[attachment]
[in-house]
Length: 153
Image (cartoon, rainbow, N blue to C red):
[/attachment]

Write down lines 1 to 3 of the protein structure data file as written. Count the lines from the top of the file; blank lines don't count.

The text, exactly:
[in-house]
Length: 153
Image (cartoon, rainbow, N blue to C red):